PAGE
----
By Dusty Sonnenberg, CCA, Ohio Field Leader: a project of the Ohio Soybean Council and soybean checkoff.

The use of unmanned aerial vehicles, (UAV’s), otherwise known as drones, for aerial imagery in agriculture provides information to farmers to make management decisions. “Historically, the best use of this technology has been to fly fields, and take multiple images, and then when the drone lands, images are downloaded and stitched together and provide the farmer with a single image of the entire field,” said Dr. Scott Shearer, Professor, and Chair of the Department of Food, Agricultural and Biological Engineering at The Ohio State University. “The image is a nice overview of what is going on in the field, and a very cost-effective way to get remote sensing photos. The question is how the farmer uses that image to manage the crop.”

Farmers need data that leads to decisions they can take action on. “We need to be able to turn around in a short amount of time after the drone flies, and put actionable information into the hands of the farmer,” said Shearer. “The further you get away from the flight time, the less valuable that information is for the farmer to make a timely decision.”

Dr. Scott Shearer, Professor, and Chair of the Department of Food, Agricultural and Biological Engineering at The Ohio State University

Crop scouts play an important role in providing valuable information to farmers regarding a crops’ condition, and information about what is going on in a field. The greatest limitation scouts face is the time it takes to cover large amounts of acres to get a representative sample of what is going on in the field. “We decided to start by working with the crop scouts to find ways we could help make them more effective,” said Shearer. “As the growing season goes on and the crop gets bigger, it becomes more difficult for the crop scout to get across the field. What scouts typically provide is information about what is going on within the crop canopy. Traditional aerial imagery is not able to provide this. It only captures what is going on at the top of the canopy.”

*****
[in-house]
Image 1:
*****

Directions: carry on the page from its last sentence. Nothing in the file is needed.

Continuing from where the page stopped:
Crop stress such as disease pressure, insect feeding, and other stresses often begin down within the canopy first. To enable a drone to take pictures within the canopy some modifications needed to be made. “We attached what we call a stinger (fiberglass rod) to the bottom of the drone and suspended a camera from it so we could get it down into the canopy to get our images. A lot of the signs of crop stress occur within the canopy,” said Shearer. “Historically the drones have always flown above the canopy and given us images from above, but now we found a way to get images from within the canopy.”Drone flying over an Ohio soybean field with stinger platform suspended beneath.

The most recent project now entails flying the drone, capturing the images, and providing the management response information in near real-time. By using Graphical Processing Units (GPU’s) researchers are able to process images in near real-time, while the drone is flying, and generate actionable information using artificial intelligence. “Artificial Intelligence (AI) is able to detect repeated patterns within images and then extract them and match them up with things that are occurring in the field,” said Shearer.

Taking action on the information generated is the next step.

Mark Loux OSU Soybean Researcher Field Leader
Dr. Mark Loux, OSU Extension State Weed Specialist

“There is a lot of interest in using drones for making spray applications. The limitation, without obtaining exemptions from the FAA, is that we can only fly up to a 55 pound drone. By the time you calculate the weight of the product, boom, pump and tank, combined with the drone, you are only able to carry at most, 2-3 gallons of product,” said Shearer. “While 2-3 gallons of product cannot go very far in treating a commercial farm field, it could be used to spot-treat areas of concern.”

With funding through a grant from the Ohio Soybean Council, Dr. Shearer along with Dr. Mark Loux, OSU Extension State Weed Specialist, began looking at how this technology, even with its payload limitations, could be beneficial to Ohio’s farmers. “We determined that if we could detect single plants or small patches of glyphosate resistant weeds that survive a typical herbicide program in time to prevent them from going to seed, we could prevent them from developing into bigger infestations and larger problems.” said Shearer.

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